Following campaigns against the unauthorised large-scale copying practices of the Internet Archive, the Internet Archive’s National Emergency Library ceased operating on 16 June. This is two weeks earlier than it had initially been intended to run. The Internet Archive cited a copyright infringement lawsuit filed by four leading US publishers – Hachette, Penguin Random House, HarperCollins, and John Wiley – in their decision to end the scheme early.
The lawsuit came after a series of campaigns by author organisations around the world that took issue with the legal status of the Internet Archive’s copying and dissemination of authors’ works without remuneration. In its initial response to the lawsuit, the Authors Guild noted that it had offered to work with the Internet Archive in 2017 to ensure the scheme worked in line with copyright law and authors’ rights, but the offer was rejected.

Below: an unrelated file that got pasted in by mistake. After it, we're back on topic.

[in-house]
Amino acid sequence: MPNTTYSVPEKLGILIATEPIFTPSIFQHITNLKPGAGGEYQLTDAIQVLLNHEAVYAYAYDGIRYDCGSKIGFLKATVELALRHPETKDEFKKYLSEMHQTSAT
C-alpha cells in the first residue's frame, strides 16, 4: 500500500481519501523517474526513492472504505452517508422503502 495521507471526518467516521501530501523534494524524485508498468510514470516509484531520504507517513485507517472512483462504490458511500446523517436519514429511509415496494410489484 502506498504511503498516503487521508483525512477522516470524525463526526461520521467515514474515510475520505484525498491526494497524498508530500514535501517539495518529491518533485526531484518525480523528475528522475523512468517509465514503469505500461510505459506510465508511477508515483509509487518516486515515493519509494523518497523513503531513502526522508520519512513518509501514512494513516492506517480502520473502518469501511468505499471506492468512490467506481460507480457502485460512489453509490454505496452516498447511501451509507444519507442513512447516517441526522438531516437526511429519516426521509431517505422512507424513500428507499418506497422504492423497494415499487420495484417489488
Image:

Despite the National Emergency Library scheme finishing early, the fact stands that authors’ works continue to be copied and distributed without remuneration on a large scale by the Internet Archive. This comes while studies in many countries have shown authors’ incomes to be in decline. The copying practices of the Internet Archive continue to harm authors and we hope further steps can be taken to resolve this.
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